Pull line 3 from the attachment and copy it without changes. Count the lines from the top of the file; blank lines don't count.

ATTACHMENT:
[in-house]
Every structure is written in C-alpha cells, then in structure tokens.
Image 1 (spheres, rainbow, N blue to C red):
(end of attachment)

Image 1 (spheres, rainbow, N blue to C red):